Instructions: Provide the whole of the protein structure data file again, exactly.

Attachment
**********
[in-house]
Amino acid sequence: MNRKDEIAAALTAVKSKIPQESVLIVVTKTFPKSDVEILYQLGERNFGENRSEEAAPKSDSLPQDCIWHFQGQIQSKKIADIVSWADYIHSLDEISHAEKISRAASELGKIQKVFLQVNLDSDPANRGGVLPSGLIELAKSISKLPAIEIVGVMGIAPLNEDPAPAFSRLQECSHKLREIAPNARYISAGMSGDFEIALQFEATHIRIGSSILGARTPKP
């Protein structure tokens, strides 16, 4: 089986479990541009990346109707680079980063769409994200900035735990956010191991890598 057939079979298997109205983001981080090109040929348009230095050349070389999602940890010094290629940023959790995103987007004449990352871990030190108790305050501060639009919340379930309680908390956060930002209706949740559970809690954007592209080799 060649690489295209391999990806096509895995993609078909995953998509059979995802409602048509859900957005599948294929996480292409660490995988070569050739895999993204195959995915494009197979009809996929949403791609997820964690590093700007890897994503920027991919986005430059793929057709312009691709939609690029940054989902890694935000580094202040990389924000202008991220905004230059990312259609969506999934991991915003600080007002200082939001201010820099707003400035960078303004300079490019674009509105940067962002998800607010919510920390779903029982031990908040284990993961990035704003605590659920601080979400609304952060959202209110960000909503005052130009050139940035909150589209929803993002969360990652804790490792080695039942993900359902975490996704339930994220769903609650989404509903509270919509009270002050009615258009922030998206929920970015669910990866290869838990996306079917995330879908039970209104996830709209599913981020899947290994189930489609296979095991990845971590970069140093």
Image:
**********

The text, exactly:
[in-house]
Amino acid sequence: MNRKDEIAAALTAVKSKIPQESVLIVVTKTFPKSDVEILYQLGERNFGENRSEEAAPKSDSLPQDCIWHFQGQIQSKKIADIVSWADYIHSLDEISHAEKISRAASELGKIQKVFLQVNLDSDPANRGGVLPSGLIELAKSISKLPAIEIVGVMGIAPLNEDPAPAFSRLQECSHKLREIAPNARYISAGMSGDFEIALQFEATHIRIGSSILGARTPKP
């Protein structure tokens, strides 16, 4: 089986479990541009990346109707680079980063769409994200900035735990956010191991890598 057939079979298997109205983001981080090109040929348009230095050349070389999602940890010094290629940023959790995103987007004449990352871990030190108790305050501060639009919340379930309680908390956060930002209706949740559970809690954007592209080799 060649690489295209391999990806096509895995993609078909995953998509059979995802409602048509859900957005599948294929996480292409660490995988070569050739895999993204195959995915494009197979009809996929949403791609997820964690590093700007890897994503920027991919986005430059793929057709312009691709939609690029940054989902890694935000580094202040990389924000202008991220905004230059990312259609969506999934991991915003600080007002200082939001201010820099707003400035960078303004300079490019674009509105940067962002998800607010919510920390779903029982031990908040284990993961990035704003605590659920601080979400609304952060959202209110960000909503005052130009050139940035909150589209929803993002969360990652804790490792080695039942993900359902975490996704339930994220769903609650989404509903509270919509009270002050009615258009922030998206929920970015669910990866290869838990996306079917995330879908039970209104996830709209599913981020899947290994189930489609296979095991990845971590970069140093």
Image: